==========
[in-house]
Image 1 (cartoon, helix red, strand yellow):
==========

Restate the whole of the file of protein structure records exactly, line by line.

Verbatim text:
[in-house]
Image 1 (cartoon, helix red, strand yellow):